In this study, nal-IRI reduced tumor volume in high hypoxic tumors (OCIP51) but not in low hypoxic tumors (OCIP19), suggesting that tumor hypoxia modulation might be a key mechanism through which nal-IRI acts, and potentially that tumors with a hypoxic microenvironment are more sensitive to nal-IRI. [18F]FAZA imaging of hypoxia also provided early prediction of treatment response, showing a significant reduction in the levels of hypoxia 8 days prior to significant changes in tumor volume.

# 130

Gemcitabine reduces tumor perfusion and drug delivery in PDAC (#174)

I. Heid1, F. Englert1, M. Trajkovic-Arsic2, 3, K. Steiger4, A. Steingeotter5, F. Lohöfer1, G. Kaissis1, L. Liotta6, B. Crone7, U. Karst7, M. Wildgruber8, H. Algül6, J. Siveke2, 3, R. Braren1

1 Klinikum rechts der Isar, Technical University of Munich, Institute of Radiology, Munich, Germany
2 German Cancer Consortium (DKTK) and German Cancer Research Center (DKFZ), Heidelberg, Germany
3 West German Cancer Center, University Hospital Essen, Division of Solid Tumor Translational Oncology, Essen, Germany
4 Technical University of Munich, Institute of Pathology, Munich, Germany
5 University Hospital Zurich, Division of Gastroenterology and Hepatology, Zurich, Switzerland
6 Klinikum rechts der Isar, Technical University of Munich, Molecular Gastroenterology, Medical Clinic II, Munich, Germany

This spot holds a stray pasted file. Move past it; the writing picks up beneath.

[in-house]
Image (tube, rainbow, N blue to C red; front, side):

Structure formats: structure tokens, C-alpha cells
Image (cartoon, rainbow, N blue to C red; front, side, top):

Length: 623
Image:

7 University of Muenster, Institute of Inorganic and Analytical Chemistry, Muenster, Germany
8 Translational Research Imaging Center (TRIC), Institut für Klinische Radiologie, Muenster, Germany

Introduction

Ineffective drug delivery is one of the reasons for therapeutic resistance in pancreatic ductal adenocarcinoma (PDAC). We classify PDAC into three subgroups based on tumor cellularity (amount of neoplastic cells, arrangement into clusters):  PDAClow, PDACmed , PDAChigh (1). Here we investigate perfusion in genetically engineered mouse models (GEM). We use GEM to assess changes in perfusion under the standard treatment with gemcitabine and correlate this finding with patient data.

Methods

A cohort of mice (n=48) with Ptf1awt/cre(C)Kraswt/G12D(K)Ela-Tgfa(T), CK;p53(P)wt/fl, CKPfl/fl, CKTPwt/R172H und CKTPwt/fl genotypes was subjected to DCE-MRI at 1.5 T Achieva, Philips with a 47-mm surface coil and measured by single-shot Look-Locker based radial T1 mapping technique using the golden cut principle with a bolus of 0.04 mmol/kg of Gd-DTPA (Magnevist®). In a subset of CKPfl/fl mice gemcitabine (gem, 120mg/kg, 2 weeks) treatment was monitored. Histopathological correlations (H&E, CD31, Ki67 and cisplatin concentrations in the murine (m)PDAClow measured by LA-ICP-MS) were performed. Change in CT-contrast agent uptake was monitored in human PDAC (n=61) before and 3 month after different types of chemotherapy regimen (gem, gem/abraxane, FOLFIRINOX).